We’ve been playing more, too. Sometimes I put you in your bouncy seat and introduce you to scents to see how you react. You love garam masala and rosemary and cardamom. You’re not so keen on citrus, so tea laced with bergamot is right out. And harissa seems to have been downright personally offensive.
You’re showing increasing signs of being a social animal. You’ve been smiling at faces, and not just mine. (They’re all charmed.) You had an entire day without mama, when I went to a workshop, and that all worked out just fine. Three or four different people have now offered you a bottle, and you’re working hard on figuring out why that might be a good idea. But those few times when you’ve cried really hard, because something in your world just wasn’t right at all, I’ve held you and rocked you and sang to you and said, “It’s okay, baby. It’s just you and me.” Seems more manageable that way.
We went on your first outing to the movies, with the M&N dynamic duo. Somerville Theatre, where… we… saw The Secret World of Arrietty, had a packed house for it, so we stayed standing in the back of the theatre. The ushers said it was against the rules, but let us do it anyway in a fit of kindness. This was good: you fussed just a bit, I held you and rocked with you and fed you. I only missed about five minutes of the movie. Nicely done, baby.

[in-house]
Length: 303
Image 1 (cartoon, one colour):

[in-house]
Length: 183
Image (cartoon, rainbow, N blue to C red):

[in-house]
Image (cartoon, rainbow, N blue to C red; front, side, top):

(The movie wasn’t bad. There was one weird noble-savage moment, which, remind me to tell you later why that’s problematic.)
Now you’ve woken up, we’ve played a bit and changed you and snuggled dancing around for a bit, and you’re back in your swing completely rapt with fascination at the three small stuffed birds spinning overhead. You’re watching the world with increasing intensity… except when you’re drunk on milk and staring out with the dopiest expression I’ve ever seen on a baby.
Those puckered pouty milky lips you have after feeding slay me. But the complete downfall of all my parenting will be brought about by your tiny lower lip, stuck out when your feelings have been so hurt and you’re having a fit of perfectly innocent petulance mixed with despair of the world ever being right again. I am certain that you will learn to manipulate that deftly in time.
Most of the time you’re pretty happy, though. Sometimes when you’re eating and I can’t see your mouth, I know you’re smiling because your eyes turn into little crescent moons.
This is getting long. Soon I’ll have to become a lot more selective about what goes into these newsletters: there’s just so much. You’ve seen the ocean now. You have many fans. We’re both still figuring out your sleep patterns, and when your bedtime should be.
I’ve been fretting about how things are going to change when I go back to work, which tells me that things are basically okay now. This is a big deal, only two months into this whole new-life thing.
P.S. This post took most of the day to write. There you are, asleep again.
P.P.S. I’ve put up more photos of you here. Instead of putting some of them into this post, I’ll take a little nap instead. Because sleep-when-the-baby-sleeps is a Really Good Idea.